Spirit Stereo Frequency

  • Record Label: Sub Pop
  • Release Date: Feb 17, 2004

Generally favorable reviews - based on 9 Critics

Critic score distribution:
  1. Positive: 8 out of 9
  2. Negative: 0 out of 9
  1. Entertainment Weekly
    Think the Polyphonic Spree, minus the robes and choir theatrics. [27 Feb 2004, p.98]
  2. "Spirit Stereo Frequency" unburies the dark side of this wistfulness by scrambling it with deep bouts of psychedelia and ghostly falsetto croons. The result is a debut that captures the vicissitudes of the past with greater authenticity and interesting sonic flair.
  3. Mojo
    Old skool studio wizardry abounds. [Mar 2004, p.107]
  4. Just as fuzzy and unpredictable as its namesake suggests, with high, hissing vocals, archaic-gone-futuristic blips, pedal steel, keyboards, glockenspiel, and a barrage of other noisemakers helping to build a thick, spacy stretch of soft 60s psychedelia.
  5. Jacked up on myriad assembly-line noises, mechanical tinkerings, and golden acoustic guitar strumming, they manage their melodies with a deftness that keeps them loose and limber in the quiet assault of the underlying density.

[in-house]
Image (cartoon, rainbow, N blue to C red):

6. Listening to Spirit Stereo Frequency is like driving through an area of broadcast clutter and getting simultaneous sonic bleed from three or four stations, at least two of which are playing The Shins.
  7. Spirit Stereo Frequency is an entirely mature album that is not afraid to have fun.
  8. Alternative Press
    All Night Radio broadcast more personality than [Beachwood Sparks]--and frame it with a maniacal smile. [Apr 2004, p.88]
  9. A lot of the material sounds incomplete, as Scher and Hey have a habit of backing off just when a song sounds like its coming together.
User Score

Universal acclaim- based on 6 Ratings

User score distribution:
  1. Positive: 4 out of 4
  2. Mixed: 0 out of 4
  3. Negative: 0 out of 4
  1. markf
    Apr 28, 2004
    It's as if the most psychedelic parts of The Beatles, The Byrds and Pink Floyd got interpreted through the sensibilities of The It's as if the most psychedelic parts of The Beatles, The Byrds and Pink Floyd got interpreted through the sensibilities of The Avalanches. This seems more forward-sounding than Beachwood Sparks, which I enjoy. I'm sure I've missed something, but to my ears, "Fall Down 7" is so unique that it basically left me speechless. There are some "straight" songs but they don't seem quite as interesting as the rest of the long, strange trip. Full Review »
  2. GashlyS
    Mar 8, 2004
    A modern classic that will take some time for the masses to accept.
  3. StuB
    Mar 8, 2004
    Needs work, but super dope!!